The circular representations of the domains and associated taxonomies also serve to make learning designers aware of the language they use. Can a verb be used at different levels? Certainly. Why? Because context is everything. One might ‘identify’ different rock samples in a first year geology class as part of applying a given classification of rocks to samples, or one might identify a new species of insect as part of postgraduate research programme. The verb on its own does not always denote level. I talk about the structure of ILOs in a subsequent post.
More recent representations have created new complex forms that include the outer circle illustrated here. I’ve found these rather useful, in part because they often prove contentious. If the inner circle represents (in my versions) the proto-verbs within our chosen taxonomies, and the next circle represent that active verbs used to describe the Intended Learning Outcomes (ILO) AND the Learning and Teaching Activities (TLS), the outermost circle represents the evidence and assessment forms used to demonstrate that verb. Increasingly I’ve used this to identify educational technologies and get faculty thinking more broadly about how they can assess things online as well as in more traditional settings. The outermost circle will continue to evolve as our use of educational technologies evolves. In Constructive Alignment one might reasonably expect students’ learning activity to ‘rehearse’ the skills they are ultimately to evidence in assessment (Biggs & Collis, 1982; Boud & Falchikov, 2006) and the forms to enable that are becoming increasingly varied.
One of my favourite representations of the relationship between the knowledge dimension and the cognitive domain is from Rex Heer at Iowa State University’s Center for Excellence in Learning and Teaching (http://www.celt.iastate.edu/teaching/RevisedBlooms1.html accessed ). It’s an interactive model that articulates the relationship, as Anderson and Krathwohl saw it, rather well. My own interest, as we look to effective ILOs, is to separate out the knowledge dimension as a subject or knowledge domain and have faculty articulate this clearly for students, before reconnecting to the other domains. A process I’ll talk about subsequently.
Here are my four ‘working circles’ using adaptations of taxonomies from Anderson and Krathwohl (Knowledge and Understanding, and Cognitive), Krathwohl et al (Affective) and Dave (Psychomotor). I have adapted the Knowledge Dimension of Anderson and Krathwohl to do two things; to describe the dimension in terms of active verbs rather than as a definition of the nature of the knowledge itself, and I have incorporated a stage I believe is under represented in their articulation. I have added the ability to ‘ contextualise’ subject knowledge between the ability to specify it (Factual) and the ability to conceptualize (Conceptual). I have also rearticulated the original ‘Metacognitive’ as the ability to ‘Abstract‘. This will doubtless need further work. My intent is not to dismiss the valuable work already in evidence around the relationship between a knowledge dimension and the cognitive domain, rather it is to enable faculty, specifically when writing learning outcomes, to identify the subject, discipline or knowledge to be enabled in more meaningful ways.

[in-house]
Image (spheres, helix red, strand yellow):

These images are provided as JPG images. If you would like me to email the original PowerPoint slides (very low-tech!) so that you can edit, amend and enhance, I am happy to do so. I only ask that you enhance my practice by sharing your results with me.
I hope these provoke thought, reflection and comment. Feel free to use them with colleagues in discussion and let me know if there are enhancements you think would make them more useful to others.
Cognitive Domain – Intellectual Skills
Affective Domain – Professional and Personal Skills
Psychomotor Domain- Practical, Technical and Transferable Skills
Knowledge Domain – Subject and Discipline Knowledge
The next post will illustrate the usefulness of these visualisations in drafting Intended Learning Outcomes with some examples.
Anderson, L. W., & Krathwohl, D. R. (2001). A taxonomy for learning, teaching, and assessing : a revision of Bloom’s taxonomy of educational objectives. New York: Longman.
Biggs, J. B., & Collis, K. F. (1982). Evaluating the Quality of Learning: Structure of the Observed Learning Outcome Taxonomy. Academic Press Inc.
Boud, D., & Falchikov, N. (2006). Aligning assessment with long‐term learning. Assessment & Evaluation in Higher Education, 31(4), 399–413.
MOOCs, self generated OER based curricula, kite-marking schemes, and elaborate credit transfer schemes are a reality in increasingly complex higher education sector. Students often pursuing studies from within the world of work where physical mobility of employable precludes commitment to a single campus based programme over four years require well defined, constructively aligned, module designs. Clever module design means clever programme design, clever portfolios and successful institutions. Learning design is no longer just an issue for the Quality Office; the Strategy people are beginning to care too.